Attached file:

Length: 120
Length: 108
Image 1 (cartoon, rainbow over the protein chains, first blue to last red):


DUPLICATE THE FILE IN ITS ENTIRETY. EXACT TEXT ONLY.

Length: 120
Length: 108
Image 1 (cartoon, rainbow over the protein chains, first blue to last red):